Curtis and Storey (1996) discount early Weddell Sea oceanic spreading and instead argue that rotation of the Ellesworth-Whitmore Mountains block (EWM) away from the Falkland blocks and subsequent crustal extension accounts for the current configuration of continental blocks in the region. Curtis and Storey (1996) suggested that the EWM block was situated outboard of the Falklands, west of the South African margin and that the block was subsequently translated further to the south west, which formed the dextral transpressive deformation observed within the block. This motion could also be explained if there was an active subduction zone in the Western Weddell Sea as suggested by Grunow (1993). This could have led to convergence of the block to the west, where it later became docked, however the placement of the proposed SZ is controversial. Grunow (1993) suggests that a back-arc basin formed in the Weddell Sea due to a long-lived subduction zone on the western side of the Antarctic Peninsula. Grunow (1993) proposed that although the basin was probably formed in the lower to middle Jurassic, a proportion of the crust formed there may have been consumed at a subduction zone at the southern end of the peninsula at ca. 130 Ma (Grunow, 1993).
The various interpretations of this complex region have their own implications for the timing and mechanisms of cessation within the possible Weddell Sea extinct ridge. It appears likely that the dramatic shift in orientation of the spreading center suggested by Kovacs et al (2002) reflected a large-scale change in the regional plate motions.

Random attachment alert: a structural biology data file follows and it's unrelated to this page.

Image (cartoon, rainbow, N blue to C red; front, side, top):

An east-west oriented short-lived spreading system has been predicted from magnetic anomaly maps by Kovacs et al. (2002). No bathymetric feature can be identified within the region of the possible extinct spreading center. However, a relatively subdued gravity low of around 10 mGals in evident, with half-width of ca. 20 km that is similar to other well-defined extinct spreading centers. The reduced magnitude of the gravity low is likely related to the older age of this possible spreading center, that is proposed to have formed over 129 Ma.
Brewer, T. S., Rex, D., Guise, P. G., and Hawkesworth, C. J., 1996, Geochronology of Mesozoic tholeiitic magmatism in Antarctica: implications for the development of the failed Weddell Sea rift system. Geological Society, London, Special Publications, v. 108, no. 1, p. 45–61.
Curtis, M.L. and Storey, B.C., 1996, A review of geological constraints on the pre-break-up position of the Ellsworth Mountains within Gondwana: implications for Weddell Sea evolution, Geological Society, London, Special Publications, v. 108, no. 1, p. 11–30.
Grikurov, G. E. and Leychenkov, G. 2012, Tectonic map of Antarctica, Scale 1: 10 000 000, First edition, Commision for the Geological Map of the World.
Golynsky, A. V., Morris, P., Kovacs, L. C. and Ferris, J. K., 2002, A new magnetic map of the Weddell Sea and the Antarctic Peninsula, Tectonophysics, v. 347, p. 3–11.
Grunow, A. M., 1993, New paleomagnetic data from the Antarctic Peninsula and their tectonic implications, Journal of Geophysical Research, v. 98, no. B8, p. 13815.
König, M. and Jokat, W., 2006, The Mesozoic breakup of the Weddell Sea, Journal of Geophysical Research, v. 111, no. B12102, doi: 10.1029/2005JB004035.
Kovacs, L.C., Morris, P., Brozena, J. and Tikku, A., 2002, Seafloor spreading in the Weddell Sea from magnetic and gravity data, Tectonophysics, v. 347, p. 43–64.
Livermore, R. and Woollett, R., 1993, Seafloor spreading in the Weddell Sea and southwest Atlantic since the Late Cretaceous, Earth and Planetary Science Letters, v. 117, p. 475–495.